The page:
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Article
Publication date: 7 August 2018

Hatice Aydin, Zeliha Eser and Sezer Korkmaz

The purpose of this paper is to examine the arousal of negative consumer emotions as a consequence of fast food consumption among individuals with restrained food…

Abstract

Purpose

The purpose of this paper is to examine the arousal of negative consumer emotions as a consequence of fast food consumption among individuals with restrained food consumption. Furthermore, a moderating effect of socio-cultural pressure to buffer these relationships is positioned for the first time.

Design/methodology/approach

The field study is completed with data collected through an online survey among 353 customers by employing a random sampling technique. The collected data are analyzed through confirmatory factor analysis procedures.

Findings

The hypotheses related to the effects of fast food consumption on body image guilt and shame, body image guilt on planning diet and shame, moderator role of socio-cultural, in terms of shame, are accepted.

Research limitations/implications

A key limitation is data collected from individuals with restrained food consumption in Turkey which limits the generalizability of results to other countries and contexts.

Practical implications

The results call for paying attention to socio-cultural pressures that enhance shame.

Originality/value

The primary contribution of this paper lies in the fact that fast food consumption is scantly related to the arousal of negative consumer emotions. Furthermore, moderating effects of social pressures and Turkish context are also unique to this study.

Details

British Food Journal, vol. 120 no. 10
Type: Research Article
ISSN: 0007-070X

Keywords

Content available
Article
Publication date: 1 May 2019

Abstract

Details

British Food Journal, vol. 121 no. 1
Type: Research Article
ISSN: 0007-070X

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Book part
Publication date: 28 September 2020

Nükhet Çıkrıkçı

In this chapter, Turkish educational system and institutional quality assessment initiatives of education are explained. And also, the relationship between educational…

Abstract

In this chapter, Turkish educational system and institutional quality assessment initiatives of education are explained. And also, the relationship between educational quality assurance (QA) in Turkey and issues of effective schooling is summarised in terms of Turkish literature.

Education is widely accepted as a lifelong process. The school is an institution established in order to provide qualified education which contains complex and more abstract knowledge and ideas as well as literacy and simple numerical skills to the students. Each country has basically established education systems and educational institutions to ensure social integration, continuity and stability, and to sustain the social and cultural heritage of a society. Education in Turkey is one of the state’s basic functions according to the constitution and performed under the supervision and control of the state with the declaration of the Republic of Turkey. Ministry of National Education is responsible for the implementation of all education activities centrally managed in the Republic of Turkey. Higher Education Council (YÖK) is responsible for the management and thus the quality processes of the higher education institutions in Turkey. Two major attempts in this perspective are YÖK, which assesses the institutions with standards which are coherent with international accreditation institutions, and Higher Education Quality Council (YÖKAK), an independent and specific council which is established by YÖK. YÖK and YÖKAK are governmental-based quality-assessment institutions. Association for Evaluation and Accreditation of Teacher Colleges’ Educational Programs (EPDAD) is also an independent institution for quality assessment of education faculties which focusses on teacher training and education. The purpose of EPDAD is to strengthen the student learning in formal training and to ensure the quality standards for candidate teachers. Any undergraduate programme which meets the standards of EPDAD is accredited for three years. Standards of EPDAD are detailed in this chapter.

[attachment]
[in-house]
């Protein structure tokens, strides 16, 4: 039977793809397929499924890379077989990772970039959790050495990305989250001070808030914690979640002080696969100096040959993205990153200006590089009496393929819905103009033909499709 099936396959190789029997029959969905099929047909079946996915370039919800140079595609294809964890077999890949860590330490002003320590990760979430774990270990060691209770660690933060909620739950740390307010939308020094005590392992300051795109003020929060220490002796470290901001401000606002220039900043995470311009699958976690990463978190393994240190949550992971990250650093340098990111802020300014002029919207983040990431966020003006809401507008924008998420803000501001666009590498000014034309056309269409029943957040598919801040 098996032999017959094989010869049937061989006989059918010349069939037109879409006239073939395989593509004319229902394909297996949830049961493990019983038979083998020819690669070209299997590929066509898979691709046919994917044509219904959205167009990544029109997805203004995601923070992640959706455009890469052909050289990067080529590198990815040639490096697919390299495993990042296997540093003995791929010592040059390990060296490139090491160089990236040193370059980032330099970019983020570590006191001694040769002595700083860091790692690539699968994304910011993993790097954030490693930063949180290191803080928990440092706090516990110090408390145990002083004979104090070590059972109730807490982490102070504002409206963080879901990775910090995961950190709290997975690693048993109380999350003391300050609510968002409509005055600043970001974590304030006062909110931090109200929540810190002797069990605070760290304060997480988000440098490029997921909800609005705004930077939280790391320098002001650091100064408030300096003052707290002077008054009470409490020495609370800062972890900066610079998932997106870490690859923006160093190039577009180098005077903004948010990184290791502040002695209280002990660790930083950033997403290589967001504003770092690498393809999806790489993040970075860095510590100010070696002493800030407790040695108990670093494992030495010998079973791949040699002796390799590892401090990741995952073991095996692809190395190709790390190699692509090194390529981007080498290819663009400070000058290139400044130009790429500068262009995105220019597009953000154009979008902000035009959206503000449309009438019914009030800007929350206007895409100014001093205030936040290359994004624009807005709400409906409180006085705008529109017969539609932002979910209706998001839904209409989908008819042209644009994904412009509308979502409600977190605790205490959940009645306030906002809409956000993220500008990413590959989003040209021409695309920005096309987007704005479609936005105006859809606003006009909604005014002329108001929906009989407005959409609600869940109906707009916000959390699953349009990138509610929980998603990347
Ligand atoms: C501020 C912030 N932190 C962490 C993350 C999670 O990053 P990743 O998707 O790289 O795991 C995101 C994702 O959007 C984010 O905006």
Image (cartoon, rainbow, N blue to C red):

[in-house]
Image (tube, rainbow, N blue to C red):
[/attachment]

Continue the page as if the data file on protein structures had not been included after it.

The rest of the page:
Details

From Pedagogy to Quality Assurance in Education: An International Perspective
Type: Book
ISBN: 978-1-83867-106-8

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Article
Publication date: 21 June 2019

Mohsen Hadadian Nejad Yousefi, Seyed Hossein Ghoreishi Najafabadi and Emran Tohidi

The purpose of this paper is to develop an efficient and reliable spectral integral equation method for solving two-dimensional unsteady advection-diffusion equations.

Abstract

Purpose

The purpose of this paper is to develop an efficient and reliable spectral integral equation method for solving two-dimensional unsteady advection-diffusion equations.

Design/methodology/approach

In this study, the considered two-dimensional unsteady advection-diffusion equations are transformed into the equivalent partial integro-differential equations via integrating from the considered unsteady advection-diffusion equation. After this stage, by using Chebyshev polynomials of the first kind and the operational matrix of integration, the integral equation would be transformed into the system of linear algebraic equations. Robustness and efficiency of the proposed method were illustrated by six numerical simulations experimentally. The numerical results confirm that the method is efficient, highly accurate, fast and stable for solving two-dimensional unsteady advection-diffusion equations.

Findings

The proposed method can solve the equations with discontinuity near the boundaries, the advection-dominated equations and the equations in irregular domains. One of the numerical test problems designed specially to evaluate the performance of the proposed method for discontinuity near boundaries.

Originality/value

This study extends the intention of one dimensional Chebyshev approximate approaches (Yuksel and Sezer, 2013; Yuksel et al., 2015) for two-dimensional unsteady advection-diffusion problems and the basic intention of our suggested method is quite different from the approaches for hyperbolic problems (Bulbul and Sezer, 2011).